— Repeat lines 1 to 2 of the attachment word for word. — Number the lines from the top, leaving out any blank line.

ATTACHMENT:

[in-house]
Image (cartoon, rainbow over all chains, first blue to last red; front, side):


[in-house]
Image (cartoon, rainbow over all chains, first blue to last red; front, side):